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Margins and Problems: The Bilge-Rat’s Gambit

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Constructing Anarchisms Part II—Anarchist History: Margins and Problems (An Idiosyncratic Survey) General Resources: Part I—Constructing an Anarchism [main page] Anarchist Beginnings archive The Rise and Progress of the Great Atercratic Revolution II—Anarchist History: Margins & […]

Anarchist History: Margins and Problems

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The best and the worst thing about anarchist history—or the anarchist past, fodder for various anarchist histories—is probably just the fact that there is so much of it. It’s no simple thing just to establish a general sense of the progression of events in time. So the first thing we’ll try to accomplish in this part of the course is to just make our way, decade by decade, from the 1830s to the 1930s, noting the general state of anarchist ideas and movements, together with some of the contexts that seem most useful for understanding the work of anarchists in each period. […]

Anarchist History: Our Lost Continent

Corvus Editions: Anarchistic Frontiers

Corvus Editions

I am not sure there is any way forward but to gather together the fruits of the last couple of decades or research and present them for use, as if there was an audience ready and willing to use them. And since we’re talking about works deemed insufficiently commercial even for the niches filled by anarchist publishers and academic presses, the way to do that is through print-on-demand volumes. So the next phase of the Corvus Edition story involves a line of collections published through Lulu. […]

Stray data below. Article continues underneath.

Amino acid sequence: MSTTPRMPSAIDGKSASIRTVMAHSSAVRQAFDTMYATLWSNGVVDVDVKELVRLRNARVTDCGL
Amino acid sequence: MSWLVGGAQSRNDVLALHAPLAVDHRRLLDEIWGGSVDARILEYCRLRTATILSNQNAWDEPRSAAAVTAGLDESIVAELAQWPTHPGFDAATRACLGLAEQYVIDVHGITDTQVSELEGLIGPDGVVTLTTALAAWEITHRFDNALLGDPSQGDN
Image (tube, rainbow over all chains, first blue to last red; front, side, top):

Our Lost Continent: Episodes from an Alternate History of the Anarchist Idea, 1837–1936

Our Lost Continent

My goal overall is to produce a work that is at least potentially useful and shareable among anarchists of a variety of tendencies, as well as students of “the anarchist idea.” (The phrase is one of Nettlau’s that was obscured in translation.) But, to be honest, I am also very interested not to get too deeply involved in certain kinds of debate about how inclusive anarchist history ought to be. I expect that the best version of the work would hold little interest for those for whom anarchism does not appear still nascent in some important senses. For those willing to at least weigh the possibility of really sharing a historical tradition, I have some hope of presenting a relatively compelling case, but for others, honestly, I got nothin’… […]

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Plucked from the Fields of Anarchist Individualism